[Edit: Hurricane behaviour is notoriously hard to predict. After reaching extreme wind speeds above the Pacific, hurricane Patricia quickly disintegrated above land. The main damage might now be in extreme rainfall, flooding and possible mudslides - no longer direct wind … Continue reading →
his image from NASA's TRMM satellite shows rainfall in the remnants of Tropical Cyclone Irina on March 5 at 2:23 a.m. local time/South Africa. Numerous intense storms in the southern and eastern quadrant were dropping rainfall at a rate of over 50mm per hr / ~2 inches (red). Light to moderate rainfall is depicted in blue and green was falling at a rate between .78 to 1.57 inches (20 to 40 mm) per hour. Credit: Credit: SSAI/NASA, Hal Pierce
Two NASA satellites have been measuring rainfall and cloud top temperatures in Tropical Storm as it has been “going loopy” in the Mozambique Channel over the last couple of days. Irina is making a cyclonic loop, something that a tropical cyclone does on occasion whenever there are a couple of weather systems that push it in different directions.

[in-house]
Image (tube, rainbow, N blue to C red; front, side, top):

On March 5, 2012, Irina’s maximum sustained winds had increased to near 50 knots (57.5 mph/92.6 kph), , up from 40 knots (46 mph/74 kph) over the last several days. Forecasters at the Joint Typhoon Warning Center expect Irina to strengthen more at sea over the next day, and then begin to weaken.
White sulfur aerosols cool the climate; black carbon soot warms the climate. So when you mix the two kinds of aerosol pollution up in the Asian brown cloud, one would expect climate effects to even out. Unfortunately in our physical … Continue reading →
Is what a group of engineering policy researchers and atmospheric scientists from Carnegie Mellon and MIT asked themselves. Considering increasing hurricane damage around the Gulf of Mexico – and technological options – they get to a ‘maybe’.